Featured Research

from universities, journals, and other organizations

New Penn Study Shows Genes May Influence Smoking Cessation

Date:
October 14, 2003
Source:
University Of Pennsylvania Medical Center
Summary:
Smokers with a specific combination of two genetic variants may be more likely to remain abstinent and less prone to relapse when trying to quit smoking, a study by researchers from the Tobacco Use Research Center of the University of Pennsylvania School of Medicine indicates.

Philadelphia, PA -- Smokers with a specific combination of two genetic variants may be more likely to remain abstinent and less prone to relapse when trying to quit smoking, a study by researchers from the Tobacco Use Research Center of the University of Pennsylvania School of Medicine indicates. This research – which will appear in the October issue of Health Psychology- has important implications for the development of more effective treatment strategies that are tailored to individual smokers' needs.

"While previous research has examined the effects of genes related to dopamine, a chemical in the brain associated with reinforcing the effects of nicotine, this study provides the first evidence that genes that alter dopamine function may influence smoking cessation and relapse during treatment," said lead author Caryn Lerman, Ph.D., Associate Director for Cancer Control and Population Science at the Abramson Cancer Center of the University of Pennsylvania and Professor in Penn's School of Medicine and the Annenberg Public Policy Center.

Dr. Lerman led a research team that examined 418 smokers enrolled in a randomized placebo-controlled clinical trial of bupropion for smoking cessation. Participants provided blood samples and received bupropion or placebo plus seven sessions of behavioral group counseling. Smoking status, abstinence symptoms and side effects were recorded weekly, and smoking status was verified at the end of treatment and again at a six-month follow-up appointment.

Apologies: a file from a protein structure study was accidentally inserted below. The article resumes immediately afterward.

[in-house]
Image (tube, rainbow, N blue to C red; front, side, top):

Researchers found that participants with particular variants of the SLC6A3 dopamine transporter gene and the DRD2 dopamine receptor gene reported significantly higher abstinences rates and a longer time before relapse than smokers carrying other variants of these genes. "This gene-gene interaction provides new evidence for the effects of dopamine genes on prospective smoking cessation and underscores the importance of not limiting genetic investigations of smoking behavior to single gene effects," said Lerman.

In previous research, the same variant of the dopamine transporter gene has been associated with higher levels of dopamine in the brain and this may facilitate smoking cessation. "Future smoking cessation studies should evaluate genetic predisposition, as well as the influence of psychological and environmental factors that may promote relapse," stated Lerman.

This research will appear in Health Psychology in an article titled "Effects of Dopamine Transporter and Receptor Polymorphisms on Smoking Cessation in a Bupropion Clinical Trial."

This research was funded by the National Cancer Institute and the National Institute on Drug Abuse and was conducted by the University of Pennsylvania/Georgetown University Transdisciplinary Tobacco Use Research Center.